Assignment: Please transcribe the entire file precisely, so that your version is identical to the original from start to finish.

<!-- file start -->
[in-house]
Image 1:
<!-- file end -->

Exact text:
[in-house]
Image 1: